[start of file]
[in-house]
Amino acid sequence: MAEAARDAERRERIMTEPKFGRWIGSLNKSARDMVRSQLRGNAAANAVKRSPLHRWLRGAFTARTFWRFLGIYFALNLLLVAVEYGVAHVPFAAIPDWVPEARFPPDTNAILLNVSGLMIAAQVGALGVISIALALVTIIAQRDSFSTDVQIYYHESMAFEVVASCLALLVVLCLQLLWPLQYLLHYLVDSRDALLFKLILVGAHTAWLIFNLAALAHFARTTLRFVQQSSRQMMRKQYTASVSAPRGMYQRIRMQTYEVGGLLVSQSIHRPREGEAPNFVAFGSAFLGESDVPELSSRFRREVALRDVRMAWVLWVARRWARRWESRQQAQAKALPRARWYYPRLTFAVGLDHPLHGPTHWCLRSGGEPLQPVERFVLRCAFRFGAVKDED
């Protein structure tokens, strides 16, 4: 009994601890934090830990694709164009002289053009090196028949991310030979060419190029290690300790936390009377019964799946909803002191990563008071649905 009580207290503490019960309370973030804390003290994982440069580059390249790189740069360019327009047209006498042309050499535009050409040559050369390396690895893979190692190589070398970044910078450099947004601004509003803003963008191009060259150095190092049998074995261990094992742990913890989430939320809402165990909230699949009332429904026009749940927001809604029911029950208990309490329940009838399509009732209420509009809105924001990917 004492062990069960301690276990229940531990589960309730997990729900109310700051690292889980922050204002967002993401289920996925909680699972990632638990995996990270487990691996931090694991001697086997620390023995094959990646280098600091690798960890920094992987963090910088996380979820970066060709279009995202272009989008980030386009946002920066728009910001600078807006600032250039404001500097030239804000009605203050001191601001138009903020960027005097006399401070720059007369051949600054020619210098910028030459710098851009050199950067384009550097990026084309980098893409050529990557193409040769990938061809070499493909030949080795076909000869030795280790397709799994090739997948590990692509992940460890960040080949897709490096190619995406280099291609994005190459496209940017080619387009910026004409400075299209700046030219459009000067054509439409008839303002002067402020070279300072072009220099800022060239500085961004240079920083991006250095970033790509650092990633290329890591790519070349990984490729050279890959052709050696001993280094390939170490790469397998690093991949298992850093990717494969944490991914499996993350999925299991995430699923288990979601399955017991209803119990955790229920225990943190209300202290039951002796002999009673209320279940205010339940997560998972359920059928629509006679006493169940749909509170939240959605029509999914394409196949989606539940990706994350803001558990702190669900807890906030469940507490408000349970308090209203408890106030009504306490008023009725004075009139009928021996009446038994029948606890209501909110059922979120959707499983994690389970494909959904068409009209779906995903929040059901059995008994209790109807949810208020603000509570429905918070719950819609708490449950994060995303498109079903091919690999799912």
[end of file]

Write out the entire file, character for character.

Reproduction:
[in-house]
Amino acid sequence: MAEAARDAERRERIMTEPKFGRWIGSLNKSARDMVRSQLRGNAAANAVKRSPLHRWLRGAFTARTFWRFLGIYFALNLLLVAVEYGVAHVPFAAIPDWVPEARFPPDTNAILLNVSGLMIAAQVGALGVISIALALVTIIAQRDSFSTDVQIYYHESMAFEVVASCLALLVVLCLQLLWPLQYLLHYLVDSRDALLFKLILVGAHTAWLIFNLAALAHFARTTLRFVQQSSRQMMRKQYTASVSAPRGMYQRIRMQTYEVGGLLVSQSIHRPREGEAPNFVAFGSAFLGESDVPELSSRFRREVALRDVRMAWVLWVARRWARRWESRQQAQAKALPRARWYYPRLTFAVGLDHPLHGPTHWCLRSGGEPLQPVERFVLRCAFRFGAVKDED
């Protein structure tokens, strides 16, 4: 009994601890934090830990694709164009002289053009090196028949991310030979060419190029290690300790936390009377019964799946909803002191990563008071649905 009580207290503490019960309370973030804390003290994982440069580059390249790189740069360019327009047209006498042309050499535009050409040559050369390396690895893979190692190589070398970044910078450099947004601004509003803003963008191009060259150095190092049998074995261990094992742990913890989430939320809402165990909230699949009332429904026009749940927001809604029911029950208990309490329940009838399509009732209420509009809105924001990917 004492062990069960301690276990229940531990589960309730997990729900109310700051690292889980922050204002967002993401289920996925909680699972990632638990995996990270487990691996931090694991001697086997620390023995094959990646280098600091690798960890920094992987963090910088996380979820970066060709279009995202272009989008980030386009946002920066728009910001600078807006600032250039404001500097030239804000009605203050001191601001138009903020960027005097006399401070720059007369051949600054020619210098910028030459710098851009050199950067384009550097990026084309980098893409050529990557193409040769990938061809070499493909030949080795076909000869030795280790397709799994090739997948590990692509992940460890960040080949897709490096190619995406280099291609994005190459496209940017080619387009910026004409400075299209700046030219459009000067054509439409008839303002002067402020070279300072072009220099800022060239500085961004240079920083991006250095970033790509650092990633290329890591790519070349990984490729050279890959052709050696001993280094390939170490790469397998690093991949298992850093990717494969944490991914499996993350999925299991995430699923288990979601399955017991209803119990955790229920225990943190209300202290039951002796002999009673209320279940205010339940997560998972359920059928629509006679006493169940749909509170939240959605029509999914394409196949989606539940990706994350803001558990702190669900807890906030469940507490408000349970308090209203408890106030009504306490008023009725004075009139009928021996009446038994029948606890209501909110059922979120959707499983994690389970494909959904068409009209779906995903929040059901059995008994209790109807949810208020603000509570429905918070719950819609708490449950994060995303498109079903091919690999799912």